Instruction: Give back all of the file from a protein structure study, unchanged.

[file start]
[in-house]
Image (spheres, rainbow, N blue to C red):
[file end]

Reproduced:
[in-house]
Image (spheres, rainbow, N blue to C red):